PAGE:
The coronavirus pandemic has also highlighted the "urgent need for secure, viable, decent housing, and access to sanitation, water and healthcare - not just for informal settlers, but for everyone in the city," she added.
Tens of thousands of migrant workers fled the city last year during lockdowns to control the pandemic.
The Main Bhi Dilli campaign consulted on the plan with young Indians, slum dwellers, vendors and home workers, and held virtual discussions during the coronavirus lockdowns.
The 45 days for public feedback on the draft plan is not enough, particularly as residents are still struggling with fallout from coronavirus, be it illness, unemployment or homelessness, the Main Bhi Dilli campaign said in a statement.
"Further, the draft plan, as well as the mechanism for submitting responses being exclusively online makes it inaccessible to a large number of people," it said.
The DDA and the National Institute of Urban Affairs, which helped draft the plan, did not respond to requests for comment.
The pandemic has pushed planners from Amsterdam to Singapore back to the drawing board to reimagine how mobility, housing and sustainability may look in their post-COVID cities.
Delhi's Master Plan provides for mixed-use developments, more public spaces and lower densities in residential areas.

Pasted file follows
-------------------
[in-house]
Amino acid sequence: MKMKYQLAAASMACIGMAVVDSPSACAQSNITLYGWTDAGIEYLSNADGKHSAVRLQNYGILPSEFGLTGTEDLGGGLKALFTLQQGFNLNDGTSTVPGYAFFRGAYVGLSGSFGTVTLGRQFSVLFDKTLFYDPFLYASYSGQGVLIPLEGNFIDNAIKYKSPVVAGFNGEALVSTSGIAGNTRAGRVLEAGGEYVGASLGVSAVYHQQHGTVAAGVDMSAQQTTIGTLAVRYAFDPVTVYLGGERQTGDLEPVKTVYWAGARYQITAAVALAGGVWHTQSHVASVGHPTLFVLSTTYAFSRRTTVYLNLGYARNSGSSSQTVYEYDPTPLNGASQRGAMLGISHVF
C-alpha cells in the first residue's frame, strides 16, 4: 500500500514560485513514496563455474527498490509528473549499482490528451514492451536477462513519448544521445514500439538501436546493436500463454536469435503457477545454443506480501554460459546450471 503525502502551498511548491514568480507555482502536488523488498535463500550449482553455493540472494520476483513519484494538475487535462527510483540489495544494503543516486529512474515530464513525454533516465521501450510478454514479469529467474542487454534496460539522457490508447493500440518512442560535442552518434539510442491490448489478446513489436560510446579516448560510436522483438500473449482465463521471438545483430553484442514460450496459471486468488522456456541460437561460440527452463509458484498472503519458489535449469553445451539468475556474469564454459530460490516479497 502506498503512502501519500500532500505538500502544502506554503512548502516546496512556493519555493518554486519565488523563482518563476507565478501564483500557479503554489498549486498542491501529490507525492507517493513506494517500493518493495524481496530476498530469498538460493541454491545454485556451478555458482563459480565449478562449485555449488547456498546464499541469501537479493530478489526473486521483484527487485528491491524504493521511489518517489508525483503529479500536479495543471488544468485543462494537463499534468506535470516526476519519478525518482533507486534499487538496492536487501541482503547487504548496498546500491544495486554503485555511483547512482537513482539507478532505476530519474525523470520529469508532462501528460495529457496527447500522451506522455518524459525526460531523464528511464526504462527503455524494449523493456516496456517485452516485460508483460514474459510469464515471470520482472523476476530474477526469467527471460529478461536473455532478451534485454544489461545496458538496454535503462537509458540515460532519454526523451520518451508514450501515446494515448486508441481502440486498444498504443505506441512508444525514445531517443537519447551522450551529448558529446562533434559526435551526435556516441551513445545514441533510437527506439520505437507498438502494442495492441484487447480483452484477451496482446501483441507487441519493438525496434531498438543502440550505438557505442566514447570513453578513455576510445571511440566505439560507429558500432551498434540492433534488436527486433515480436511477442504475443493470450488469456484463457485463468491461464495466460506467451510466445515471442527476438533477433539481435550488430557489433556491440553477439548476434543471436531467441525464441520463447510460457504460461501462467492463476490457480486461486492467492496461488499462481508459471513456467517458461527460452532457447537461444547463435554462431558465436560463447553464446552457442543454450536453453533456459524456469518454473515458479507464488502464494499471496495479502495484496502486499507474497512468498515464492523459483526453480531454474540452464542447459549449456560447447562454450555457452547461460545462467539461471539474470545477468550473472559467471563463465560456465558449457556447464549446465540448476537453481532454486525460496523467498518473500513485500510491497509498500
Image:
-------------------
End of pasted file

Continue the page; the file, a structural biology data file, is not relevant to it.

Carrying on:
But a proposal for acquiring vacant land can have "adverse impacts" on peripheral areas and reduce farm land, said Rumi Aijaz, a senior fellow at the Observer Research Foundation.
Farmers who have tilled the floodplains of the Yamuna river in Delhi for decades - and faced eviction threats as the city expanded - risk new threats, said Swati Janu, founder of the Social Design Collaborative, a non-profit.
The Yamuna, while recognised as a prized asset of the city, is heavily polluted, and the draft calls for its rejuvenation with walking and cycling paths and protected zones.
But this risks leaving out poor farmers and fishers who both earn their keep from the river and help sustain it, said Janu.
"Worldover, urban farming is being celebrated and encouraged, yet we are trying to remove these farmers in the name of development to create jogging tracks. Can't we have both?"
"Master plans for cities are increasingly moving towards inclusivity and participatory planning. This is possible only if we are willing to recognise the roles of, and protect the rights of the most marginalised and vulnerable groups," she added.
The plan would improve facilities for vendors and other informal workers, with proposals also to update conditions in their slums and unauthorised colonies, noted Aijaz.
"To some extent, the concerns of stakeholders have been addressed," he said.
But there is concern about how much of the dream will even come to life, he added, citing a lack of funding proposals.
"There is a high possibility that many proposals and projects might remain on paper, as has happened in the past."
(Reporting by Rina Chandran @rinachandran; Editing by Lyndsay Griffiths. Please credit the Thomson Reuters Foundation, the charitable arm of Thomson Reuters, that covers the lives of people around the world who struggle to live freely or fairly. Visit http://news.trust.org)